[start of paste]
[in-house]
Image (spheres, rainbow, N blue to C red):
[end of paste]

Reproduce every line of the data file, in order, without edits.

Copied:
[in-house]
Image (spheres, rainbow, N blue to C red):